The Intersection of Racial Trauma and Eating Disorders

As the eyes and ears of American society are fixed on dismantling more than 400 years of racial injustice at this pivotal moment in time, the intersection of racial trauma and eating disorders must be part of this broader conversation.

Racial trauma is a form of posttraumatic stress that individuals from marginalized ethnic groups can suffer in response to discrimination, threats of harm, and shaming events based on their race or skin color. The trauma could be inherited genetically from abuses in the past, or it could manifest through inequalities in the present.1 Much like other traumatic experiences, this can lead to adverse effects on mental health such as eating disorder symptoms and behaviors.   

How Racial Trauma Can Impact Marginalized Ethnicities 

In order to flesh out this intersection of racial trauma and eating disorders, it's crucial to first examine how the stress of racial trauma often impairs mental health in general. Because racism is a systemic and sociopolitical construct that pervades most—if not all—facets of the marginalized experience in this nation, racial trauma happens continuously which makes it a difficult wound to heal from.2

The fears of violence, microagression, prejudice, erasure, and cultural insensitivity are often unrelenting for both communities and individuals of color. As a result, these people who encounter racial trauma could also exhibit comorbid mental health issues like depression, anxiety, low self-esteem, hypervigilance, and other complex emotions indicative of posttraumatic stress.3 It's also worth noting, many of those symptoms can be associated with eating disorders too.    

What to Know About Racial Trauma and Eating Disorders

Posttraumatic stress and eating disorders are invariably connected—in fact, the prevalence rate of anorexia, bulimia, and related conditions is much higher in those who have suffered trauma than in other segments of the population. Since both victims of trauma and eating disorders often use self-medication and dissociation to separate from their bodies, it makes sense why these two issues are so commonly enmeshed.4 Therein lies the intersection of racial trauma and eating disorders.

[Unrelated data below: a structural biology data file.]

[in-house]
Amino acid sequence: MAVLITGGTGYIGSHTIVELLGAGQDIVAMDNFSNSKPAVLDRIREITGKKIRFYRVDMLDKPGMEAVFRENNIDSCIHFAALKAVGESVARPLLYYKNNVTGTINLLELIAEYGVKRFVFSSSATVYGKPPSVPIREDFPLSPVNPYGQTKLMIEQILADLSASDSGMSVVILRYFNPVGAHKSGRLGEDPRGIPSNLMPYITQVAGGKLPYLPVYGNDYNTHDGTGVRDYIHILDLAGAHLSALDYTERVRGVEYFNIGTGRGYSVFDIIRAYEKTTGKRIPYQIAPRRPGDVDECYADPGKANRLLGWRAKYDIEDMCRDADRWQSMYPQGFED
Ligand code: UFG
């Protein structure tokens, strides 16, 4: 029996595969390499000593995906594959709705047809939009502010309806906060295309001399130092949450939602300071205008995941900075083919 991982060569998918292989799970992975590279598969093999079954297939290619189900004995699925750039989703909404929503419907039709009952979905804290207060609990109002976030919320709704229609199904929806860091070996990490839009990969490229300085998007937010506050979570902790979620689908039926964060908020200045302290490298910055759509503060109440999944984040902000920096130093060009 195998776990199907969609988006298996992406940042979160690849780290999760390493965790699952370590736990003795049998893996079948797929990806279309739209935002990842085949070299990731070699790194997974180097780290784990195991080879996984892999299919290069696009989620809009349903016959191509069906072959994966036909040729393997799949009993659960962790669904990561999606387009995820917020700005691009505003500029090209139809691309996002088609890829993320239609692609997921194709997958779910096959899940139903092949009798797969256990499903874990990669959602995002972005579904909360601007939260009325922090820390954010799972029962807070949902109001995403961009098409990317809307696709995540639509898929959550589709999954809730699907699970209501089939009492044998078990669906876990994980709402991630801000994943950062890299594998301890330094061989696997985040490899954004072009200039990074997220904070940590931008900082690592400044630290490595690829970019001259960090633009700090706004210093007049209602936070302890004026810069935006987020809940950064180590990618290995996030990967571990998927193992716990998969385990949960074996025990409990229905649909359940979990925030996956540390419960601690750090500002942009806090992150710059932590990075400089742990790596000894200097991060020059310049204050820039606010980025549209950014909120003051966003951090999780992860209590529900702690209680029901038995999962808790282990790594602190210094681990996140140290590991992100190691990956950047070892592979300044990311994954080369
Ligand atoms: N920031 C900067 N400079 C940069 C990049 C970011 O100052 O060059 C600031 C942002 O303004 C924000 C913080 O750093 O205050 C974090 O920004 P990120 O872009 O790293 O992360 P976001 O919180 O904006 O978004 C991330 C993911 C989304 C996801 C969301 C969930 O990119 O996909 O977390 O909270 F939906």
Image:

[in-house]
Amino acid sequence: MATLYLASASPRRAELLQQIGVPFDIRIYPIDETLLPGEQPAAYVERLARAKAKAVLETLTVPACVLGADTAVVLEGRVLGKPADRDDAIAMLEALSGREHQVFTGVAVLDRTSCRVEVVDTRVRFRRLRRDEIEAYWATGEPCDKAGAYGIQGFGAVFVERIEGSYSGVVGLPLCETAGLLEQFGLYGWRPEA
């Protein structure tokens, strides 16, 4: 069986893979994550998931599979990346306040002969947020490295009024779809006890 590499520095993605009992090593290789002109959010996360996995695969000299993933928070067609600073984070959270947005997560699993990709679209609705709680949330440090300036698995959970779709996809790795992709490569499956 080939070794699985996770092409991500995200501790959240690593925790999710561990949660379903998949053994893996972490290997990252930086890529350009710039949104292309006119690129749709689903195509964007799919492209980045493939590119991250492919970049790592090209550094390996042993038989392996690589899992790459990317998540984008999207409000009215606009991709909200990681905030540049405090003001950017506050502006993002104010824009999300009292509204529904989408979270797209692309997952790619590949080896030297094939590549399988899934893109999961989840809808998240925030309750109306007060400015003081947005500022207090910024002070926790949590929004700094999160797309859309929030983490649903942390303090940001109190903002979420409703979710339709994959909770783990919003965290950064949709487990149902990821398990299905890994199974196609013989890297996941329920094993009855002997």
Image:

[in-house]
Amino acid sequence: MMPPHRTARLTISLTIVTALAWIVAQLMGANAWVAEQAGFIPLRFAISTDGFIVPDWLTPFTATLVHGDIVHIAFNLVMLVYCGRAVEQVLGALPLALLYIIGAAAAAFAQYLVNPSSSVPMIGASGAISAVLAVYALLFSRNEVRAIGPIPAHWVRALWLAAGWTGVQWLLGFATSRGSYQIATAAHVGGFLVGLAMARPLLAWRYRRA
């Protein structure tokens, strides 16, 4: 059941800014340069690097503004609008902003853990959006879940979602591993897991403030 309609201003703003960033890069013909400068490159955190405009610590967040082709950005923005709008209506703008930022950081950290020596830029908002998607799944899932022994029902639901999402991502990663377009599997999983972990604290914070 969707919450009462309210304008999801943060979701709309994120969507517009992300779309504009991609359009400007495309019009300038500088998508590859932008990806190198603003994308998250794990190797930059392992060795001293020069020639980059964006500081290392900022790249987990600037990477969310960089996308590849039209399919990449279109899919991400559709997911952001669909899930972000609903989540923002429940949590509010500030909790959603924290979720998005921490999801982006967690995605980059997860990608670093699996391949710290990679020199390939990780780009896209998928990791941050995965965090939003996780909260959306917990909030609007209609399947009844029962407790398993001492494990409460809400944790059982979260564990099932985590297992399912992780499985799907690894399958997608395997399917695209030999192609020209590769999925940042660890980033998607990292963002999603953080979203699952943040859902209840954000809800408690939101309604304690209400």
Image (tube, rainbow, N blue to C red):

When people face discrimination for their race, ethnicity, or skin color, this continuous and unresolved trauma embeds itself deep within the body. As a result, behaviors designed to numb, punish, control, and detach from that same body can manifest over time. This could mean restricting food intake to create distance from a marginalized appearance and project a more culturally normative aesthetic. Or it could take the form of a ritualistic binge-purge cycle in order to eject painful memories, emotions, and beliefs about racial identity. However it materializes, the intersection of racial trauma and eating disorders is a serious issue that cannot be overlooked.   


  1. Polanco-Roman, L., et al., "Racial Discrimination as Race-Based Trauma, Coping Strategies, and Dissociative Symptoms Among Emerging Adults." Psychological Trauma, March 2016. 
  2. Comas-Diaz, L., et al., "Racial Trauma: Theory, Research, and Healing." American Psychological Association, January 2019.
  3. Carter, R.T., et al., "Initial Development of the Race-Based Traumatic Stress Symptom Scale: Assessing the Emotional Impact of Racism." American Psychological Association, January 2013.
  4. Coker-Ross, C., "Eating Disorders, Trauma, and PTSD." National Eating Disorders Association, Accessed June 30, 2020.  

APA Reference
Schurrer, M. (2020, July 1). The Intersection of Racial Trauma and Eating Disorders, HealthyPlace. Retrieved on 2024, May 21 from

Author: Mary-Elizabeth Schurrer

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